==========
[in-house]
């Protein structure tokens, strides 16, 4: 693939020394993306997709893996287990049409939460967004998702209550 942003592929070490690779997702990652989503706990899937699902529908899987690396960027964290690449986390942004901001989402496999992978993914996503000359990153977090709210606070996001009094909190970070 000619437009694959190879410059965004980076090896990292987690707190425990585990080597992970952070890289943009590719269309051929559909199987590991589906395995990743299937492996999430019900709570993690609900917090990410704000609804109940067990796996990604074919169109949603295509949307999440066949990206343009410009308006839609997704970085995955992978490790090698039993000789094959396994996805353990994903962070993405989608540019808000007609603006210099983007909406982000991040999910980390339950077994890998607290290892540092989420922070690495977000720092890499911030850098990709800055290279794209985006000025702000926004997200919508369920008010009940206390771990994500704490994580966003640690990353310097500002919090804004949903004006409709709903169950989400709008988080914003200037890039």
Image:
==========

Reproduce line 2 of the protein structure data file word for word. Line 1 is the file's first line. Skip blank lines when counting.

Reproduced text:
């Protein structure tokens, strides 16, 4: 693939020394993306997709893996287990049409939460967004998702209550 942003592929070490690779997702990652989503706990899937699902529908899987690396960027964290690449986390942004901001989402496999992978993914996503000359990153977090709210606070996001009094909190970070 000619437009694959190879410059965004980076090896990292987690707190425990585990080597992970952070890289943009590719269309051929559909199987590991589906395995990743299937492996999430019900709570993690609900917090990410704000609804109940067990796996990604074919169109949603295509949307999440066949990206343009410009308006839609997704970085995955992978490790090698039993000789094959396994996805353990994903962070993405989608540019808000007609603006210099983007909406982000991040999910980390339950077994890998607290290892540092989420922070690495977000720092890499911030850098990709800055290279794209985006000025702000926004997200919508369920008010009940206390771990994500704490994580966003640690990353310097500002919090804004949903004006409709709903169950989400709008988080914003200037890039």